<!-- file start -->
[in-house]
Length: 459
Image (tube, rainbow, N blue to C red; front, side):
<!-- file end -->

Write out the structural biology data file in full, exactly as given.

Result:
[in-house]
Length: 459
Image (tube, rainbow, N blue to C red; front, side):